And so I ask you once more, who are you?

The Bishop: ABC and SIN

“To know ‘our sins’ is the first letter in the alphabet of saving religion. To understand our position in the sight of God is one step towards heaven. The true secret of peace of conscience is to feel ‘our sins’ put away. If we love life we ought never to rest till we can give a satisfactory answer to the question,—WHERE ARE MY SINS?'” —J.C. Ryle, Old Paths

Grieving for the Loss of Hope

“But we do not want you to be uninformed, brothers, about those who are asleep, that you may not grieve as others do who have no hope. For since we believe that Jesus died and rose again, even so, through Jesus, God will bring with him those who have fallen asleep.”

1 Thessalonians 4:13–14

I grieve that we (the saints) have forgotten how to grieve. Death is a loss. Yes, it is gain for the departed, but for we who remain, experientially, it is loss (Philippians 1:21). We have tried to transform funerals into festivals. There is a time to mourn. We are not the healthier for ignoring that time.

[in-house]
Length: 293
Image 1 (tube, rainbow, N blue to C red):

I grieve that we have forgotten to grieve, but I grieve all the more that this often means we have forgotten how to hope. We rejoice in the life lived (on earth) instead of the life being lived and the life to be lived (in heaven). We look back when we should look forward. We exercise our memory of the past more than we do our longing for the future. We look to past photos more than future promises. We watch a video instead of reading the Bible. We listen to a favorite song of the departed instead of lifting up a song to the eternal Son who rose from the grave.